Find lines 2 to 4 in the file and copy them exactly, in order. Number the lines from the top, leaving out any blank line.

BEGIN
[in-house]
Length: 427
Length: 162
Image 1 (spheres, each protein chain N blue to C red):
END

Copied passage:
Length: 427
Length: 162
Image 1 (spheres, each protein chain N blue to C red):